Minot Flooding, Evacuation as Flood Waters Rise

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posted on Jun, 24 2011 @ 02:11 PM
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Minot, N.D., Evacuation as Flood Waters Rise
online.wsj.com...

"By Friday morning, the brownish river water had reached more than two feet above historic 1969 flooding residents had used as a benchmark and just short of a record set 130 years ago."
www.publicbroadcasting.net...
www.bismarcktribune.com...
m.dailymail.co.uk...
"Will The Minot Flooding Affect Us?"
www.fox4kc.com...

KX Weather Channel, best live info ..
www.ustream.tv...
Valley News Live Web Stream, live press conference in right now ..
www.ustream.tv...
View from Minot State University
www.ustream.tv...
Live Minot River Camera (Water Plant)
www.ustream.tv...

Raw Video: a Look at Minot Flooding From the Air



yfrog.com...

Is very bad situation, God help them all ..
edit on 24-6-2011 by Dalke07 because: (no reason given)




posted on Jun, 24 2011 @ 02:24 PM
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reply to post by Dalke07
 


Just reported on the AP that Minot is now flooding officially. Multiple levees are overflowing as of 1:30 pm central time June 24, 2011. Water in some areas is to the second level of homes.
My thoughts and prayers with everyone



posted on Jun, 24 2011 @ 03:22 PM
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uummm... isn't Minot home to one of the biggest nuclear missile sites in the United States? My brother use to guard nukes up in Montana, and I remember Minot being one of the only other bases he could transfer to for his qualifications... I'll have to do a little more research...

Yep, sure is... Minuteman III to be exact... looks like they are trying to keep them safe with sandbags and pumps... you'd think our government would have a more efficient plan in place for such a situation... I mean we're talking about nukes here... abcnews.go.com...
edit on 24-6-2011 by wearewatchingyouman because: add more info



posted on Jun, 24 2011 @ 03:43 PM
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reply to post by wearewatchingyouman
 


Used to say that North Dakota was the third largest military power in the world in the 70's and early 80's._javascript:icon('
') Don't know about now. Minot has an Air Force Base and so does Grand Forks. The missile silos are all over the place tho,, not on the bases.

I read that some have been sold and converted to underground shelter condo's.



posted on Jun, 24 2011 @ 03:53 PM
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reply to post by kissitgoodbye
 


they're still there... looks like they just pulled a missile out of the ground in Minot... they took the nuclear guts out and shipped it to California for an accuracy test launch last week.... www.newser.com...
edit on 24-6-2011 by wearewatchingyouman because: add link



posted on Jun, 24 2011 @ 04:48 PM
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Half of Burlington's residents flee before Souris ..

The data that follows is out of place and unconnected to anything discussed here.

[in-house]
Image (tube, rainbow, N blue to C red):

www.inforum.com...






news.yahoo.com...
edit on 24-6-2011 by Dalke07 because: (no reason given)



posted on Jun, 24 2011 @ 04:59 PM
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reply to post by wearewatchingyouman
 


The base is north of town... nowhere near the Souris (mouse) river... about 60 plus feet above the current flood level.



posted on Jun, 24 2011 @ 05:04 PM
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reply to post by Dalke07
 


For what it's worth, CNN just reported(5:00)pm that the flooding in Minot is supposed to be at it's highest Saturday or Sunday. They said that sand bagging efforts have been stopped except to try to protect the police department and the city hall. The rest including schools is done. They said many people have already lost their homes and many more will before this is over. My thoughts and prayers are out to everyone. Be Safe!



posted on Jun, 24 2011 @ 05:45 PM
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My God, what happens? Obviously the houses that go under are going to be a complete and total loss. Small businesses - etc. Do people just pick up and move away? Does the Government give them relocation checks? How does a whole town (not just Minot) recover? I can't imagine being a child and having to move with such a complete and total life change caused by this. What of families that have lived there for generations? Obviously they can't just assimilate somewhere else in a big group. What about older folks just getting by with a job down at the local garage/cafe etc.

Do they move away and stay away? Do they rebuild and come back - and even so, many small businesses and what not are probably not going to be replaced. What happens to the Joplins, the Minots? Does anyone know? Do people with addresses there show up and get a relocation check if they need it to start over? So many living pay check to pay check these days - who can't afford to move, with hook ups, deposits what not.

I know I may sound niave - but really what happens - because I do have compassion and empathy for these people and I cannot imagine what it is like - it is not just the loss of possessions it is the loss OF AN ENTIRE SOCIAL FABRIC AND WAY OF LIFE! My prayers are with all the worlds current refugees and that includes some of our own these days due to fires/floods/storms & whatnot.
edit on 24-6-2011 by TheBirdisDone because: (no reason given)



posted on Jun, 24 2011 @ 05:47 PM
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Minot flood now officially a record ..

"MINOT -- North Dakota's congressional delegation offered words of praise and some hope on Friday to the state's fourth-largest city, stricken by an epic flood that's now officially the biggest flood that it's ever seen."

"The biggest flood Minot has seen up to this point was in 1881, when the Souris River was at 1,558 feet above sea level, where the National Weather Service's Broadway bridge gauge is now. At 11 a.m. Friday, the gauge read 1,558 feet. At 11:30 a.m., it read 1,558.3 feet."

"The weather service is projecting the river will crest at 1,563.6 feet at 1 a.m. Sunday, about a foot lower than earlier projections."